Q. Don't you think they would submit to the stamp act, if it was modified, the obnoxious parts taken out, and the duty reduced to some particulars, of small mo. ment?
A. No; they will never submit to it.
Q. What do you think is the reason that the people of America increase faster than in England ?
A. Because they marry younger, and more generally.
Q. Why so?
A. Because any young couple that are industrious, may easily obtain land of their own, on which they can raise a family.
Q. Are not the lower rank of people more at their ease in America than in England?
A. They may be so, if they are sober and diligent, as they are better paid for their labour.
Q. What is your opinion of a future tax, imposed on the same principle with that of the stamp act; how would the Americans receive it? A. Just as they do this. They would not pay
Q. Have you not heard of the resolutions of this house, and of the house of lords, asserting the right of parliament relating to America, including a power to tax the people there?
A. Yes, I have heard of such resolutions.
Q. What will be the opinion of the Americans on those resolutions ?
A. They will think them unconstitutional, and unjuist.
Q. Was it an opinion in America before 1763, that the parliament had no right to lay taxes and duties there?
A. I never heard any objection to the right of laying duties to regulate commerce; but a right to lay internal taxes was never supposed to be in parliament, as we are not represented there.
Q. On what do you found your opinion, that the people in America made any such distinction ?
A. I know that whenever the subject has occurred in conversation where I have been present, it has appeared to be the opinion of every one, that we could not he taxed in a parliament where we were not represented. But the payment of duties laid by act of parliament, as regulations of commerce, was never disputed.
Q. But can you name any act of assembly, or public act of any of your governments, that made such dis. tinction ?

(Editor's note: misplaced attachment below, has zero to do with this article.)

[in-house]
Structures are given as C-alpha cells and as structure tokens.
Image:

A. I do not know that there was any? I think there was never an occasion to make any such act, till now that you have atteinpled to tax us ; that has occasioned resolutions of assembly, declaring the distinction, in which I think every assembly on the continent, and every member in every assembly, have been unanimous.
Q. What then could occasion conversations on that subject before that time?
A. There was in 1754 a proposition made (I think it came from hence) that in case of a war, which wi then apprehended, the gove o urs of the colonies shou
meet, and order the levying of troops, building of forts, and taking every other necessary measure for the general defence; and should draw on the treasury here for the sums expended, which were afterwards to be raised in the colonies by a general tax, to be laid on them by act of parliament. This occasioned a good deal of conversation on the subject, and the general opinion was, that the parliament peither would nor could lay any tax on us, till we were duly represented in parliament, because it was not just, nor agreeable to the nature of an English constitution.“
Q. Don't you know there was a time in New York, when it was under consideration to make an application to parliament to lay laxes on that colony, upon a deficiency arising from the assembly's refusing or neglecting to raise the necessary supplies for the support of the civil government?
A. I never heard of it.
Q. There was such an application under consideration in New York; and do you apprehend they could suppose the right of parliament to lay a tax in America was only local, and confined to the case of a deficiency in a particular colony, by a refusal of its assembly to raise the necessary supplies ?
A. They could not suppose such a case, as that the assembly would not raise the necessary supplies to support its own government. An assembly that would refuse it must want common sense, which cannot be supposed. I think there was never any such case at New-York, and that it must be a misrepresentation, or the fact must be misunderstood. I know there have been some attempts, by ministerial instructions from hence, to oblige the assemblies to settle permanent salaries on governors, which they wisely refused to do; but I believe no assembly of New York, or any other colony, ever refused duly to support government by proper allowances, from time to time to public officers.
Q. But in case a governor, acting by instruction, should call on an assembly to raise the necessary supplies, and the assembly she uld refuse to do it, do you